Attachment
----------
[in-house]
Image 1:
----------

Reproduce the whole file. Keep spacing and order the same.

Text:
[in-house]
Image 1: